In times of ongoing challenges and increasing uncertainty, it is essential that we position our companies so that they can respond to change and perform effectively. This requires the strength of the entire workforce. Markus Franz, Senior Partner at Staufen AG, explains in an interview the particular importance of leaders in this context.
Mr. Franz, you train and advise executives both locally in the companies and at the Staufen Academy’s executive training courses. What are the expectations a leader faces today?
First of all, every leader must start with themselves individually. Before I can energize, direct and lead others, I must first (want to) know what my own scope of activities is. What is it that I have to do differently today or tomorrow, if anything? Am I ready for the shift in mindset, and how willing and able am I to learn?
Also fundamental is the ability to prioritize and focus. “What am I really being paid for?” is another good question that leaders should be asking themselves every now and then. Otherwise, you quickly risk getting bogged down in complexities and workloads with limited effectiveness. However, effectiveness is the be-all and end-all of a good leader. Recognizing in a given situation what the task, the circumstances and the team need right now, while always keeping an eye on the overarching goal – that is effectiveness.
The Staufen “Collaboration. Success Factor Collaboration” study reveals that in half of the companies surveyed, manager still have some catching up to do. Many senior executives are lacking in teamwork and motivation skills. Miscommunication and conflicts between employees and superiors are the consequence. Instead of analyzing problems with the people involved, they are more often than not brushed aside or deliberately left unresolved. What steps can leaders take to improve interaction among their staff?
Collaboration and working together should be top of the agenda for any executive. The will and ability to work in teams and networks have already proven to be a success factor for many people and organizations. Leaders play a key role in this. They must create the framework for collaborative interaction. Self-interest, a distinctive silo mentality, power games or unclear responsibilities and competencies are real challenges that need to be solved. Not only the employees suffer from these problems, but the customers as well (unsuspecting), because the waste associated with these problems is costly in terms of both time and money.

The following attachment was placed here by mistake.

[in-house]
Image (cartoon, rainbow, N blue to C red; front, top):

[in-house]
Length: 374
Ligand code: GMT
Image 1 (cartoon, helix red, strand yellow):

Here too, it starts with your own mindset. Do I tend to be the ‘lonesome cowboy type’ or do I have an open mind and willingness to collaborate? The next step is to create a climate of openness, appreciation and trust.
Last but not least: Resistance is an integral part of change. You should take them seriously and not try to sit them out or “convince” your employees. Smoldering resistance and conflicts must be addressed, because if they are ignored, they will not only jeopardize your objectives, but also a positive and constructive working relationship.
What requirements must be met for this to happen?
It requires, for instance, that the executive improves her communication and conflict management skills. They should first say what they are doing – and follow through with what they have said. Taken as a whole, what this means for many people in managerial positions is that they have to adjust their own behavior where necessary. Often this is not easy and can only ever be done one step at a time. After all, it is the success patterns of the past that may be more of a barrier today. A mentor, a coach or another manager can provide support.
A cooperative management style is one thing, mistakes are another. The Staufen study also shows that people in leadership positions still find it tough to deal with both their own mistakes and those of their employees. What should be changed here?
An increasing number of decisions need to be made under conditions of great complexity and uncertainty; causality and predictability tend to diminish. Courage and curiosity are imperative skills where transformation and change are concerned. That also means that experiments may fail, decisions may go awry, and mistakes will be made. Even in the best possible processes, implemented by empowered, competent people. This applies to both employees and executives alike. What is important is how we deal with it.
If you have made the wrong decision, you have to communicate it openly and transparently. No one person is infallible, and only in this way can we learn from our mistakes. How to deal with mistakes is a fundamental problem in many organizations. We simply have to shift away from a (negative or non-existent) error culture to a learning culture instead. This is the only way to create an environment psychologically of feeling safe, which will lead to the realization that mistakes are an opportunity from which everyone can learn. It’s all right to give certain things a try, even if the desired outcome is not immediate. Change can’t be managed any other way.
A leader should first say what they are doing – and follow through with what they have said.Markus Franz, Senior Partner, Staufen.ag
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